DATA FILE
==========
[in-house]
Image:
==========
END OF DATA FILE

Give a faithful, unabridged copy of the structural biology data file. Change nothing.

[in-house]
Image: